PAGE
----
Bluebeam Impressions from a Self-Taught Project Superintendent, guest post by Chad Czerwinski

Bluebeam for Project Superintendent

This week I wanted to highlight another Bluebeam user within the construction industry actively changing the landscape and workflows.  Today my guest post by Chad Czerwinski, a Project Superintendent with extensive experience in the construction industry. With focused experience in reinforced concrete and sequencing, scheduling and cost control/awareness he set out to learn Bluebeam on his own to create better workflows for his crew. Chad is currently in the Chicago area looking for a new opportunity, don’t hesitate to reach out to him directly. In the Bluebeam community, he is continually asking great questions and helping others with the knowledge he’s gained. Here are the impressions from a self-taught Project Superintendent.

Chad Czewinski writes:

Over the last 6 months, construction starts have slowed and my work responsibilities have changed. From a Superintendent running the daily activities of a cast-in-place concrete contractor to assisting with tasks back at the main office.

This has left me with opportunities to increase my Bluebeam knowledge by performing detailed take-offs and estimates. Thinking with the next job in mind, I work to implement some new workflows that will help me and the entire team so we can be even more efficient. I have found that so many of my peers barely scratch the surface with Bluebeam and simply use it as a PDF reader and nothing more. If that were all it offered, I’d understand the tendency to prefer a set of 24×36 prints on a table instead of a computer screen. There is so much missed opportunity to me this is like using and iPad in the field solely as a hard surface for your paper and pencil. There are a plethora of outlets available for individuals to increase their skills. Not the least of which is here at Bluebeam and Burgers, but also the official Bluebeam web page has many individual and focused training videos as well as FB user groups.

  • Using what I will call the “hidden” markups list at the bottom has been huge for me. I had often used various tools to markup and print things for the guys in the field, but the ability to harness that data as well and export it has made huge implications on how I intend to use it in the future.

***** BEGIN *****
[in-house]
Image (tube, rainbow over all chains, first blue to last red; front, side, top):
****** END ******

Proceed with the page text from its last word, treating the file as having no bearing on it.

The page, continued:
• To start with, my plans are to utilize Studio for a more efficient means of contact between the field, the trailer, and the PM’s back in the main office. In the past, we have used multiple vehicles to communicate information back and forth and the struggle was to be sure and

capture it all and keep it filed together. Foreman’s in the field would take pictures and text or email them back to the trailer. Techs would leave their field survey notes on my desk. Notes are jotted down and scanned to the computer but also filed away in traditional file cabinets if not left as clutter on someone’s desk. My desire is to have it all digitally stored in one centrally located place and have all of us have instantaneous access to said information.

  • Creating default tools for the tool chest and distributing to the team so we can be using some form of standardization. These might be unique colors for each team members markups as well as punch tools specific to our field of cast-in-place
  • At least one individual in the field every day should have an iPad. With access to ALL current field and shop drawings, there’s no doubt the team is using the most up-to-date set. I am not advocating for NO paper just LESS paper. I cannot imagine anyone that does not want to work smarter, faster, and more productively.
  • Utilizing the iPad in the field to make markups and add pictures with the Capture tool is also something to be excited about. No more just jotting down field notes or random pictures. If there is an issue, we can use a punch tool from a previously populated tool chest. Even ask a question in the notes, and attach a picture directly to the pdf. For those without devices, the pdf export tool will produce a clear report of where the issue is as well as a picture to further clarify. No concerns of whether the picture was downloaded or if the notes were filed
  • Using Studio will even keep a record of when and what everyone uploaded back to the cloud for reference later.

I am always in search of ways to improve what we are already doing. None of us have it all figured out and there is always something to learn from those around us. Simon Sinek has a great quote, “The role of a leader is not to come up with all the great ideas. The role of a leader is to create an environment in which great ideas can happen.”


I hope you enjoyed these Impressions from a self-taught Project Superintendent. Chad’s ready to take this mindset to the next opportunity.  With Bluebeam Revu so versatile and customizable, you’re really only limited by your own creativity to develop powerful workflows.  If Revu is changing the way you do business, I’d love to help tell your story here on Bluebeam And Burgers. Send me an email at and we can work on it together.

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  1. Nicely written, Chad. Good to read that your drive to improve is not just helping you, but elevates and improves the performance of your team.